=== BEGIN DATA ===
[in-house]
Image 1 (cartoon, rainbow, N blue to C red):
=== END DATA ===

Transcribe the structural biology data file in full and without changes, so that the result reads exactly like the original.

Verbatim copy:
[in-house]
Image 1 (cartoon, rainbow, N blue to C red):